Please use this identifier to cite or link to this item:
Title: The combined effects of climate change and river fragmentation on the distribution of Andean Amazon fishes
Authors: Tedesco, Pablo A.
Oberdorff, Thierry
Herrera-R, Guido A.
Anderson, Elizabeth P.
Brosse, S?bastien
Carvajal-Vallejos, Fernando Marcelo
Frederico, Renata Guimarães
Hidalgo, Max
J?z?quel, C?line
Mabel, Maldonado,
Maldonado-Ocampo, Javier Alejandro
Ortega, Hernán
Radinger, Johannes
Torrente-Vilara, Gislene
Zuanon, Jansen
Keywords: Dams
Freshwater Fish
Functional Traits
Global Change
Habitat Fragmentation
Range shifts
Species distribution models
Tropical Andes
Issue Date: 2020
metadata.dc.publisher.journal: Global Change Biology
Abstract: Upstream range shifts of freshwater fishes have been documented in recent years due to ongoing climate change. River fragmentation by dams, presenting physical barriers, can limit the climatically induced spatial redistribution of fishes. Andean freshwater ecosystems in the Neotropical region are expected to be highly affected by these future disturbances. However, proper evaluations are still missing. Combining species distribution models and functional traits of Andean Amazon fishes, coupled with dam locations and climatic projections (2070s), we (a) evaluated the potential impacts of future climate on species ranges, (b) investigated the combined impact of river fragmentation and climate change and (c) tested the relationships between these impacts and species functional traits. Results show that climate change will induce range contraction for most of the Andean Amazon fish species, particularly those inhabiting highlands. Dams are not predicted to greatly limit future range shifts for most species (i.e., the Barrier effect). However, some of these barriers should prevent upstream shifts for a considerable number of species, reducing future potential diversity in some basins. River fragmentation is predicted to act jointly with climate change in promoting a considerable decrease in the probability of species to persist in the long-term because of splitting species ranges in smaller fragments (i.e., the Isolation effect). Benthic and fast-flowing water adapted species with hydrodynamic bodies are significantly associated with severe range contractions from climate change. © 2020 John Wiley & Sons Ltd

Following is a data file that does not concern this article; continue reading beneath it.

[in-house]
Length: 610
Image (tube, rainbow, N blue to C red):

metadata.dc.identifier.doi: 10.1111/gcb.15285
Appears in Collections:Artigos

Files in This Item:
There are no files associated with this item.

Items in DSpace are protected by copyright, with all rights reserved, unless otherwise indicated.